The popularization of the #MeToo movement in recent years has helped empower women to speak out against sexual harassment and abuse. But while the platform has led to fundamental changes in industries like entertainment, art, and sports, many communities continue to be overlooked. Like the male-dominated seafaring industry that thousands of Filipino women are a part of.
A report published by the Institute of Development Studies (IDS) in September found that most women in the industry have experienced some form of sexual harassment. Assistant Professor Lucia Tangi of the University of the Philippines conducted research on the topic for over 10 years, speaking to nearly 100 female seafarers. Through their stories, Tangi learned that no matter their position, every woman who works as a seafarer is vulnerable to sexual harassment.
Captain Jasmine, who was only identified with her first name, of the Association of Marine Officers and Seafarers’ Union of the Philippines (AMOSUP) shared her experience during an International Women’s Day event in 2019.
“When I first boarded a ship as a cadet, my father advised me to befriend the cook so I will never go hungry on board. So, I did follow his advice. But one night while I was asleep, the cook whom I trusted, tried to insert his finger between my legs, but I just kept quiet because I didn’t know what to do since I was only 17 years old then,” she said.
Seafaring in the Philippines dates as far back as the 1800s, during the Spanish colonial period when the country’s first maritime school was established. At the time, only men were allowed to enroll in the school. It only opened doors to women in 1993. They remain a minority today. According to the IDS report, in 2017, there were 17,101 female seafarers, 3.8 percent of the total 449,463 Filipino seafarers deployed that year. These women work and live in ships with mostly men for at least six months at a time. Without support and knowledge of how to file complaints, they have become vulnerable to sexual harassment and abuse.
Cases include supervisors who relentlessly made advances, even after the women clearly expressed disinterest. One marine engineer said she was invited to a cargo ship captain’s office only to be told, “There is something in you. I really like you.” To this, she responded, “Sir, I came on board to work and not to look for a boyfriend.” A female chief engineer also recounted how a chief mate had directly asked her how much she wanted in exchange for sex.
Physical forms of sexual harassment also take place at sea. At the International Women’s Day event, Captain Jasmine said that there was an incident wherein a female engineer’s colleague masturbated in front of her. When the female engineer took this to a higher-up, she was simply told, “What can you do? It’s a man’s world.”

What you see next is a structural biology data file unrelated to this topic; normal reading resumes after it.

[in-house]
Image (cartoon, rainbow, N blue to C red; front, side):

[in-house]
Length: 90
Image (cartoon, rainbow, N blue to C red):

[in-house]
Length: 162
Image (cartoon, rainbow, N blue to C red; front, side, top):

The lack of stern action from management has encouraged a victim-blaming mindset, so much so that the women themselves go through great lengths just to avoid being harassed. Tangi met a female cadet who said she kept her hair short, wore loose-fitting shirts, seldom brushed her teeth, and did not shave her underarms, as a way to look unappealing to men.
Despite a Philippine law that aims to protect women from workplace sexual harassment, many survivors stay silent. The IDS report shows data from the Philippine Statistics Authority, indicating that the average number of sexual harassment reports made nationwide per year from 1999 to 2010 was only 65.
IDS reported that many female seafarers worry about the ridicule or even retaliation they may face from male colleagues if they were to file complaints. One woman shared that when she was a junior engineer, her chief engineer gave her a poor evaluation when she declined an invitation to his office.
AMOSUP, the marine officers and seafarers union, established its first women’s committee in 2018, which counts Captain Jasmine as one of three other female officers. AMOSUP Women now conducts forums to discuss solutions for the problems female seafarers face and acts as a contact for survivors of sexual harassment.
In its 36-year history, the Philippine Overseas Employment Administration has received only one formal complaint of sexual harassment from a seafarer. The woman reportedly had her underwear stolen by a fellow seafarer, but the case was dismissed as she pursued employment overseas.
Sexual harassment is not an offense punishable under the seafarers’ standard contract. Survivors can lodge complaints for “gross misbehavior” or “abuse of authority” if the perpetrator is an officer or supervisor. According to the report, first-time offenders for both offenses can receive a minimum punishment of one year’s suspension from overseas employment, while a third offense will result in immediate disqualification.
However, Tangi said that this is not enough. She called to include sexual harassment as a punishable offense within the standard contract, under its definition in the Philippines’ Anti-Sexual Harassment Act. This way, seafarers are protected and stakeholders are held accountable.